The Virtualization Practice

Desktop Virtualization

Desktop Virtualization covers VDI (centrally hosted desktops), Desktops as a Service (DaaS), desktop virtualization via client side hypervisors, and shared server technologies. Major areas of focus include when and where centralized desktop offerings are appropriate and not appropriate, ...
how management of remote desktops combined with management of mobile devices leads to a better managed and more productive end user computing environment, how to deliver the performance that end users require, and the impacts of using remote desktop technologies upon organizational security. Covered products and vendors include the VMware Horizon Suite, Horizon View, Horizon Mirage, VMware ThinApp, Citrix XenServer, Citrix XenApp, Citrix XenClient, and Microsoft Remote Data Services.

Mainstream virtual desktop solutions have focused their efforts on providing the best platform for hosting virtual desktop environments. Hypervisors, image management, and connection brokers are the top feature sets that companies have looked at during their comparisons. Moving up the stack, these vendors are now focusing on user personalization management, but do not have what is considered to be a full desktop management solution. So are our end-to-end virtual desktop solutions really complete?

Ericom has has won the race to deliver the first new product release of the “Year of Desktop Virtualization” with the launch of Ericom PowerTerm WebConnect 5.7.

WebConnect (sorry Ericom, but “PowerTerm WebConnect 5.7″ takes too much space on the page to type out every time) is Ericom’s answer to Citrix XenApp and XenDesktop, plus or minus a few bells and whistles. On the plus side WebConnect includes mainframe and midrange terminal emulation software to provide access to legacy systems, as well as offering support for mixed environments consisting of servers running Windows Server 2003, 2008, 2008 R2 grouped together in a single farm, and manages to do all this with a single product where Citrix still requires two.

Given that vSphere provides significant benefits in terms of cost savings and business agility, those benefits are tied to and constrained by the ability of vSphere to provide backward compatibility with existing legacy enterprise systems. This backward compatibility makes it impossible for vSphere to provide infinite horizontal scalability. Moving to the same architecture as the most highly scaled out public cloud vendors provides for a more radical set of benefits, but at the cost of breaking backward compatibility for many applications.

The Nirvana Phone was intended to enable a user to use their small form factor device when on the move or in the office to access business applications and data by accessing a virtual desktop. Motorola’s ATRIX 4G is being hailed as a device that can enable any road warrior or knowledge worker more mobile and productive with an in-place virtualised desktop environment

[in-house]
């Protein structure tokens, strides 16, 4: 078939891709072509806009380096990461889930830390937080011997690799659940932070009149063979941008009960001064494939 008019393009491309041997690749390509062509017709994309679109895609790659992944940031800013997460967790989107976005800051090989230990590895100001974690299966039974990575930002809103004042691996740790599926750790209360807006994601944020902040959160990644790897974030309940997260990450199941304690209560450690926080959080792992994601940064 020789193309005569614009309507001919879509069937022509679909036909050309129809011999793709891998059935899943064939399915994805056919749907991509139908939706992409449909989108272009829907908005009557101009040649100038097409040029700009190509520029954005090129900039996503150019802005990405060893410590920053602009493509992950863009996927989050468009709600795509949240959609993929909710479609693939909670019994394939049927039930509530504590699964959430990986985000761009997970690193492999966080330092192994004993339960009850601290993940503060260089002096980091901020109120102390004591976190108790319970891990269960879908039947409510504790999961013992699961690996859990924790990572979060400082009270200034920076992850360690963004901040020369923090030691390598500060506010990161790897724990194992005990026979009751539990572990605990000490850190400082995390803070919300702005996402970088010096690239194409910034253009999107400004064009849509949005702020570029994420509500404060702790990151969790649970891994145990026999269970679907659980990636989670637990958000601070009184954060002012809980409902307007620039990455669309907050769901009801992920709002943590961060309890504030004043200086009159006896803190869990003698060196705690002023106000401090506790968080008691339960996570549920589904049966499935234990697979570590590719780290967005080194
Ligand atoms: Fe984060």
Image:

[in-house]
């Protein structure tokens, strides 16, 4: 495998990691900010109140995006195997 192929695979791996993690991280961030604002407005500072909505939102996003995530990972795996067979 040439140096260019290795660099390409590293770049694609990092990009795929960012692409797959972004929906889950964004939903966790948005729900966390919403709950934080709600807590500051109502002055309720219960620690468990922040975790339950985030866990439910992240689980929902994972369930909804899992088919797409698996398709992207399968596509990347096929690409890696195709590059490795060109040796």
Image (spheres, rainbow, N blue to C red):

The desktop virtualization year opened with a bang at CES with the explosion of vendor announcements introducing the next generation of mobile tablets. The obvious winner this year being Apple and the iPad but with many more vendors showing off Windows-based tablets including HP, Archos and Pegatron, as well as Android tablets from manufacturers such as Archos (again), Compal, Dell, HP (again), and Motorola. The key challenge of course being the delivery of existing enterprise applications onto these platforms, something that’s desktop virtualization and presentation virtualization is ideally suited for. The inescapable consequence of this was a steady stream of announcements from Citrix, VMware, and Wyse as they leapfrogged each other’s announcements on availability, functionality, and usability of their respective mobile tablet client offerings. The level of competitiveness here producing major benefits for potential adopters as each strove to outdo the other in terms of user experience innovation and performance.

VMware is continuing its on again off again relationship with mobile hypervisors, inching slowly towards a decision points on whether or not to truly embrace technology. VMware acquired French mobile hypervisor develop Trango Virtual Processors 3 years ago and has been working to incorporate Trango’s code into its own mobile virtualization platform (MVP) ever since. VMware has demonstrated MVP on a number of phone platforms in the past and wheeled it out again at VMworld last month and is actively recruiting enterprise customers to partake in a beta program, but so far hasn’t made any announcements about the possibility of a commercial release.